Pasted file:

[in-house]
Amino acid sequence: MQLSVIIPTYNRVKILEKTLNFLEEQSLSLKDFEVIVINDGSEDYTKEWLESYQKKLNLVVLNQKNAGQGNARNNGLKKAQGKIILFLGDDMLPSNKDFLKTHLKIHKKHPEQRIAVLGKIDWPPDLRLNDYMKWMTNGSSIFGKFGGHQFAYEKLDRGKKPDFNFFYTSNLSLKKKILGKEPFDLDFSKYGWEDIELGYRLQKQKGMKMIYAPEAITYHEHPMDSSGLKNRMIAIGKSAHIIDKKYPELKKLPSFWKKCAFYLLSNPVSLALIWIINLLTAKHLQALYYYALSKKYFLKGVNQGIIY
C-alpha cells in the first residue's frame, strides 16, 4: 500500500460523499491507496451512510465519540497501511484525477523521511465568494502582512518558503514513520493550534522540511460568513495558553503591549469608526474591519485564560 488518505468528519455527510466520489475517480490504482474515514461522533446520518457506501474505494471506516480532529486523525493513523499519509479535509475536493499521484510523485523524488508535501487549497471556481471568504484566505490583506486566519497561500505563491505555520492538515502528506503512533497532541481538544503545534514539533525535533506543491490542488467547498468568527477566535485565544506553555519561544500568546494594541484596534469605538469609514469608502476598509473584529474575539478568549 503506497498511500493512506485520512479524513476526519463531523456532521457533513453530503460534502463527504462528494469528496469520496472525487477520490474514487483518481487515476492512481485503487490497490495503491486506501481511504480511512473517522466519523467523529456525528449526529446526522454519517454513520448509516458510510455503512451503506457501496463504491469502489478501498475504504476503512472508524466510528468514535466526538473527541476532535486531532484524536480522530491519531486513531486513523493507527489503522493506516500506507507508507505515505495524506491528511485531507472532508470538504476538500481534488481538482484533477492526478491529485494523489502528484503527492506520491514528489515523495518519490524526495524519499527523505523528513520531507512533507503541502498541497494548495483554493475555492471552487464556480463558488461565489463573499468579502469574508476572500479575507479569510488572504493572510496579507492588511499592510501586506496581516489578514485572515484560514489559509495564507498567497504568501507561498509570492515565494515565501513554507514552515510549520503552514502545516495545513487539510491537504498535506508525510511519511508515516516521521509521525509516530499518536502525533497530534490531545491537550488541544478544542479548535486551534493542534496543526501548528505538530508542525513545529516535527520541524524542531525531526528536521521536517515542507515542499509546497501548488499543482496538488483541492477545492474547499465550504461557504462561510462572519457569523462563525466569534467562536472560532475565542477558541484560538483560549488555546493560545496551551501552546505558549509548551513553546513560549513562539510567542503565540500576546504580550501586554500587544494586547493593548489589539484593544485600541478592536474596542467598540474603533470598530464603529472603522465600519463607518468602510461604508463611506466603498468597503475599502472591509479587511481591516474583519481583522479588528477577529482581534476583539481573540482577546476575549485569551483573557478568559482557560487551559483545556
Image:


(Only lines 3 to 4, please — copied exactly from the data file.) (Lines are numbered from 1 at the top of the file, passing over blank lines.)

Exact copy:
C-alpha cells in the first residue's frame, strides 16, 4: 500500500460523499491507496451512510465519540497501511484525477523521511465568494502582512518558503514513520493550534522540511460568513495558553503591549469608526474591519485564560 488518505468528519455527510466520489475517480490504482474515514461522533446520518457506501474505494471506516480532529486523525493513523499519509479535509475536493499521484510523485523524488508535501487549497471556481471568504484566505490583506486566519497561500505563491505555520492538515502528506503512533497532541481538544503545534514539533525535533506543491490542488467547498468568527477566535485565544506553555519561544500568546494594541484596534469605538469609514469608502476598509473584529474575539478568549 503506497498511500493512506485520512479524513476526519463531523456532521457533513453530503460534502463527504462528494469528496469520496472525487477520490474514487483518481487515476492512481485503487490497490495503491486506501481511504480511512473517522466519523467523529456525528449526529446526522454519517454513520448509516458510510455503512451503506457501496463504491469502489478501498475504504476503512472508524466510528468514535466526538473527541476532535486531532484524536480522530491519531486513531486513523493507527489503522493506516500506507507508507505515505495524506491528511485531507472532508470538504476538500481534488481538482484533477492526478491529485494523489502528484503527492506520491514528489515523495518519490524526495524519499527523505523528513520531507512533507503541502498541497494548495483554493475555492471552487464556480463558488461565489463573499468579502469574508476572500479575507479569510488572504493572510496579507492588511499592510501586506496581516489578514485572515484560514489559509495564507498567497504568501507561498509570492515565494515565501513554507514552515510549520503552514502545516495545513487539510491537504498535506508525510511519511508515516516521521509521525509516530499518536502525533497530534490531545491537550488541544478544542479548535486551534493542534496543526501548528505538530508542525513545529516535527520541524524542531525531526528536521521536517515542507515542499509546497501548488499543482496538488483541492477545492474547499465550504461557504462561510462572519457569523462563525466569534467562536472560532475565542477558541484560538483560549488555546493560545496551551501552546505558549509548551513553546513560549513562539510567542503565540500576546504580550501586554500587544494586547493593548489589539484593544485600541478592536474596542467598540474603533470598530464603529472603522465600519463607518468602510461604508463611506466603498468597503475599502472591509479587511481591516474583519481583522479588528477577529482581534476583539481573540482577546476575549485569551483573557478568559482557560487551559483545556
Image: